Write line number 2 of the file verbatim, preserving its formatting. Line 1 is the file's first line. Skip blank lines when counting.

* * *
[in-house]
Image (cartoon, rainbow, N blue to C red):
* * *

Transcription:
Image (cartoon, rainbow, N blue to C red):